Take the following steps to protect and care for your trees:
Remove objects around the outside of the home that provide shelter for gypsy moth larvae and pupae, such as flaps of bark, dead tree branched, dead trees, boxes, cans, or old tires.
Diversify the composition of trees and plants on your property to include species not preferred by the gypsy moth.
Destroy egg masses found on outbuildings, on fencing, or in woodpiles. Simply scraping egg masses onto the ground will not destroy them. Burn them or soak them in kerosene or soapy water, or plant them with commercially available products, such as liquid detergents. Caution is urged because the hairs that coat the egg masses can cause allergic reactions.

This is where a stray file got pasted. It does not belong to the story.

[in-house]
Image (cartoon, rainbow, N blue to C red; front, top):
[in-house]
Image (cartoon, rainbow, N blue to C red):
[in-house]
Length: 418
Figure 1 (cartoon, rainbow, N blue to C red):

Place burlap on trees to provide shelter for older larvae when they seek out protected resting places during the day. The number of larvae and pupae under the burlap provides valuable information about the severity of infestation on your property. When populations are sparse, larvae and pupae beneath burlap can be manually destroyed.
Use barrier bands, consisting of double-sided sticky tapes or sticky material such as Tangle Foot, petroleum jelly, or grease to prevent larvae from crawling up the trunks of susceptible trees. These products should be applied to the surface of an impermeable material, such as duct tape or tar paper, and not applied directly to the bark. Petroleum-based products can cause injury (swelling and cankering) on thin-barked trees.
Notify the village for verification or for more information.
If You Suspect Your Trees May be Infested
Please notify the Village of Lisle Public Works Department.